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The Student News Site of Kent State University

The Burr Magazine

The Student News Site of Kent State University

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Remember The Past, Continue The Struggle: The Legacy Of The Tent City Protests At Kent State


Written by Paige Bennett for Spring 2020 print issue of The Burr Magazine

Alan Canfora hid behind an oak tree at the bottom of Blanket Hill on May 4, 1970. He had been shot through his wrist by the Ohio National Guardsmen, who opened fire on Kent State’s campus during an anti-war protest, killing four students and wounding nine. More than 60 shots were fired in 13 seconds. The tree shielded Canfora from other bullets that came in his direction. 

Seven years later, Canfora would be one of 194 people arrested at Kent State for their roles in the Tent City protests. For two months, demonstrators camped in tents on Blanket Hill in opposition to the university’s decision to build a gym annex on part of the land where the May 4 shootings occurred. 

Although the gym annex would eventually be built, the protests demonstrated how students, activists and May 4 survivors would shape the legacy of the tragedies and force the university to acknowledge the lasting effect they would have on Kent State’s campus. 

University distances itself

In the years that immediately followed the May 4 shootings, Kent State sought to distance itself from the tragedies that happened on its campus. Enrollment dropped 13% in the four years after May 4, according to Under Glenn Olds, president of Kent State University, the university decided in 1975 it would not commemorate the tragedies beyond the first five years. Many saw this as an attempt to erase history, Tent City participant Mike Pacifico says.

“Basically for five years, from 1970 to 1975, the university had a commemoration every year,” he says. “And then in 1975, they said, ‘Enough is enough. We’re done memorializing. We’re done commemorating.’” 

Pacifico was a high school senior and anti-war activist when the shootings occurred. He had already been accepted to Kent State.  

“It was a pretty weird time for me, knowing I was going to a university who much earlier really held no significance on the international scene and now was somehow famous around the world,” Pacifico says.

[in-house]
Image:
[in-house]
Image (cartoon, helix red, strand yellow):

Following the university’s decision, students and community members formed the May 4 Task Force, an organization designed to preserve the memory of the students who had been killed. The task force, which planned the May 4 commemorations from 1975 to 2019, emphasized the increasing role of students in the remembrance of the tragedies.  

“That reinvigorated the importance of students commemorating because it showed for that crowd that the university could not be trusted,” says Mindy Farmer, director of the May 4 Visitors Center. “So I think that’s one way in which it affected commemorations. It made the push for students to lead the effort even stronger.”

The construction of the gym annex also renewed the community’s desire to keep the memory of those who had been killed on May 4 alive, Canfora says. When the university announced its decision to build the gym annex, it awakened the campus and prepared the community for action, he says. 

Gym protest begins

Opposition to the construction of the gym annex developed throughout the 1970s. In 1976, several students went to a Kent State Board of Trustees meeting and expressed their concerns about the proposed site of the gym annex. However, the Board of Trustees voted to approve the building’s progress report and move forward with its plan to build on the site. 

The university argued building the gym annex on part of the May 4 site would be cost-effective because it could incorporate three existing walls into the facility, which would save money on heating lines, locker rooms and shower space, according to Kent State University Libraries. In addition, the proposed location required no new parking lots and would provide intramural and recreational programs with a centralized meeting location.